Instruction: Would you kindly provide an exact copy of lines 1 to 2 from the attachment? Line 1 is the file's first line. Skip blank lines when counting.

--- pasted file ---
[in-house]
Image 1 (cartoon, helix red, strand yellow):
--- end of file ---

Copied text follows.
[in-house]
Image 1 (cartoon, helix red, strand yellow):